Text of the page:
Banner’s hard work getting its rewards

Building, building, building, that’s Clare hurling over the last few years under Davy Fitzgerald, according to midfielder Nicky O’Connell, as a new generation of top-class hurlers are coming through.

The breakthrough All-Ireland U21 win of 2009, in which Nicky first came to prominence, was key and last year’s success at the same grade was further consolidation. Even at club level there has been revolution in Clare, starting with his own club, Clonlara.

“Yeah, we came up from intermediate a couple of years ago with a very young side, most of us were only 18 or 19 when we then won the senior county. Same thing in Cratloe, a young team and Newmarket-on-Fergus too are youth-based,” he said.

“The club scene is a good indication of how we’re going to be, it’s good to see clubs getting stronger again because it lifts the standard at county level.”

2009 was the start, the first wave and a first title for Clare at a grade just below the top level.

“If we hadn’t won the All-Ireland title in 2009, most of the lads that are playing senior now wouldn’t be there. That gave us a great momentum going on to the seniors, which we knew was going to be a massive step-up.”

Arguably, however, last year’s win, coming as it did against a Kilkenny team reinforced by several members of the senior title-winning side, was even bigger. O’Connell sees both sides.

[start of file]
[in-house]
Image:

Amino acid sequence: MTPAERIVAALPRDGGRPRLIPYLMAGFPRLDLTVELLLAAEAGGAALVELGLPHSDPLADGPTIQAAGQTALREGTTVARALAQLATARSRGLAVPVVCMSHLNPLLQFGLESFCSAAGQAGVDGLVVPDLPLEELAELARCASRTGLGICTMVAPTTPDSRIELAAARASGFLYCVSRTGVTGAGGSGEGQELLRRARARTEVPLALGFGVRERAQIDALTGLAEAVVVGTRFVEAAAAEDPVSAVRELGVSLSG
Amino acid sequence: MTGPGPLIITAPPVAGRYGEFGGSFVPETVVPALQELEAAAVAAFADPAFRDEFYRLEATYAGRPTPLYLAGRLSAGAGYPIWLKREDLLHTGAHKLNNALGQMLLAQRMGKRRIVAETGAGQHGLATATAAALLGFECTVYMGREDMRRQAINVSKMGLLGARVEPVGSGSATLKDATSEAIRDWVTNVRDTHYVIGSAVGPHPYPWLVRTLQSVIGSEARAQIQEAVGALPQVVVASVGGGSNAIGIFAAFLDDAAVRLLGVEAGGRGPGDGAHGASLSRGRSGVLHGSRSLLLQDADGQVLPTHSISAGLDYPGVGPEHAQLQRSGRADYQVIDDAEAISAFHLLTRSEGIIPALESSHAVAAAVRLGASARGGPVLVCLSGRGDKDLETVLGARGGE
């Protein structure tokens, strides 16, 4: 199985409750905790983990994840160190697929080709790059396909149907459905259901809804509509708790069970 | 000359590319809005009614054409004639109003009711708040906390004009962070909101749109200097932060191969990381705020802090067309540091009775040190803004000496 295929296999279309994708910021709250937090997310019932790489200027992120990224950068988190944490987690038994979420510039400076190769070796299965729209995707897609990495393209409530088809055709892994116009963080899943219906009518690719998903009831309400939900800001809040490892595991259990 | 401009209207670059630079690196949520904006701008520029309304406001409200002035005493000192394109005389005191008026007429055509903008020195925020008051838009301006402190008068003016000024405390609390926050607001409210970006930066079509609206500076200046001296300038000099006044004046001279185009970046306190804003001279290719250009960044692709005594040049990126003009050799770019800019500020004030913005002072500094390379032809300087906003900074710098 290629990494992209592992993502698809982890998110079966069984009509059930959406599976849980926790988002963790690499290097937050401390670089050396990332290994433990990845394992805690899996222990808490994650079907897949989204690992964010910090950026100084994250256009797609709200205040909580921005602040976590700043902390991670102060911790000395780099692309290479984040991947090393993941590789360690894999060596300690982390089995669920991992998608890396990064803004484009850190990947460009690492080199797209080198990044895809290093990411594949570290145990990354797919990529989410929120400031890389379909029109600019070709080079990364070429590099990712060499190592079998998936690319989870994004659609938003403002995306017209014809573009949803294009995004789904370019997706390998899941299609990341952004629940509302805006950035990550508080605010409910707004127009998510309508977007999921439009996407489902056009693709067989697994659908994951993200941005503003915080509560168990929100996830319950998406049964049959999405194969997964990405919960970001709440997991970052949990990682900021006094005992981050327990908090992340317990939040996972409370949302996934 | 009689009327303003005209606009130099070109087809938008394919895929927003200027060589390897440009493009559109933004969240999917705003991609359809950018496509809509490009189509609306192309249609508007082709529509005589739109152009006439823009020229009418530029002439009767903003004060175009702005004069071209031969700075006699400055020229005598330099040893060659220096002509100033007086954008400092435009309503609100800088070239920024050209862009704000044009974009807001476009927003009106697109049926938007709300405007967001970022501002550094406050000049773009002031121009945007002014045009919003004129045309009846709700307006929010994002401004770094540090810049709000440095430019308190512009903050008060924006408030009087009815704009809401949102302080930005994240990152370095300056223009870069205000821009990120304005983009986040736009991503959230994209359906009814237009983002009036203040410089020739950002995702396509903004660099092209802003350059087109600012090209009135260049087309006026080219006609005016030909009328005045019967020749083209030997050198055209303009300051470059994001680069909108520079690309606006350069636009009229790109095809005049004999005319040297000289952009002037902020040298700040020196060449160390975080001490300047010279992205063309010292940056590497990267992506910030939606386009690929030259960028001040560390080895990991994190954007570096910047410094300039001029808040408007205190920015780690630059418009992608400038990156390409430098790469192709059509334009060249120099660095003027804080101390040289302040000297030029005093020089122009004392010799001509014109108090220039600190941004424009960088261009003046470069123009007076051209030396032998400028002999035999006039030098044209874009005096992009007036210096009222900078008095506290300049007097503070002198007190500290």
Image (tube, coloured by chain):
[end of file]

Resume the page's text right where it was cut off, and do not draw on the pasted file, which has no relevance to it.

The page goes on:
“It could have been but I’m not sure. In a way, yes, but in a way also, no. A lot of lads last year were already on the senior team, whereas in 2009 that wasn’t the case, you still had the likes of Tony Griffin and those on the senior team.

“The lads who were on the senior team last year brought that experience to the U21s and the rest of the guys then stepped up their game.”

Even though he’s now only 23, Nicky could already be classified as one of the more experienced members of the Davy’s panel, a sign perhaps that people shouldn’t yet be getting carried away in their expectations.

“We’re a young side, 13 or 14 U21s on the panel. Everyone in training is trying to fight off someone. If you’re not going well, you’re going to be dropped because lads are playing so well in training. We know that anyone on the panel can actually start or come on and do a job.

“Davy is so passionate and wears his heart on his sleeve, he brings that out in the players as well — even in training, he’s always driving us on.”

Of course there’s a lot more to the manager than just passion. “Yes, he’s a great coach, definitely the best I’ve trained under; himself and Paul Kinnerk, they’re on a different level to most guys I’ve ever had.”

Last season saw good gains made, promotion from Division 1B of the Allianz Hurling League achieved with a good win over Limerick; again this year that progression has been maintained and though now up with the elite, Clare go into the final round of games this Sunday in Division 1A against Tipperary in Thurles with every chance of advancing to the league semi-final.

Already they have had wins over Galway — beaten All-Ireland finalists last year — and old rivals Cork, their second-half performance in that game particularly impressive. Even last Sunday, a one-point loss to Kilkenny, was encouraging, only their own poor shooting in the second half (12 wides) costing Clare what would have been a deserved win over the modern-day kings of hurling.

“That result was a positive more than a negative because we got so close to the All-Ireland champions. It shows that we are good enough to compete with the big boys. It shows we are going places.”

Going places, but not there yet.

“The big one is the next day, we always knew the last one was probably going to be the most important one for us. I’m really looking forward to this one.”


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